A California bill that purports to remove police officers engaged in “hate speech” would allow the government to discriminate against peaceful pro-lifers, conservatives and people of faith, state pro-life leaders warned.
The new California Law Enforcement Accountability Reform Act (Assembly Bill 655) would “root out” police officers and potential hires for “hate speech” and their connections to “hate groups” by requiring law enforcement agencies to screen potential hires for “hate.” It also would allow officers who are found to engage in “hate” to be fired.
State Assembly Member Ash Kalra, D-San Jose, the sponsor of the bill, said the goal is to stop “the infiltration of extremists in our law enforcement agencies,” according to The Federalist.
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Kalra’s legislation defines hate speech as “advocating or supporting the denial of constitutional rights of, the genocide of, or violence towards, any group of persons based upon race, ethnicity, nationality, religion, gender, gender identity, sexual orientation or disability.”
But the California Family Council said this extremely broad, arbitrary definition could be used to discriminate against peaceful, law-abiding Christians, Muslims, pro-lifers and conservatives.
“This is a blatantly unconstitutional violation of religious liberty and freedom of speech. It is also a tyrannical abuse of power from a politician seeking to ruin the lives of those he disagrees with,” said Greg Burt, director of capitol engagement for the pro-life organization.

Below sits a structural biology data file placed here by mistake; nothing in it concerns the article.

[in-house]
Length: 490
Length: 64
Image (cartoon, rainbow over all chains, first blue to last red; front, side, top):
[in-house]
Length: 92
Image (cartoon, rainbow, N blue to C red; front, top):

The broad definition raises questions about whether the Catholic Church could be labeled a hate group because it rejects the so-called constitutional right to an abortion, or whether Muslims could be banned from the police force because they attend a mosque that speaks out against homosexuality, his organization explained.
Matthew McReynolds, a senior staff attorney at the Pacific Justice Institute, said pro-lifers and people of faith could be blacklisted from the police force if the bill passes.
“Under the guise of addressing police gangs, the bill at the same time launches an inexplicable, unwarranted, and unprecedented attack on peaceable, conscientious officers who happen to hold conservative political and religious views,” Reynolds said. “Indeed, this is one of the most undisguised and appalling attempts we have ever seen, in more than 20 years of monitoring such legislation, on the freedom of association and freedom to choose minority viewpoints.”
The California Assembly Public Safety Committee is scheduled to consider the bill on April 6.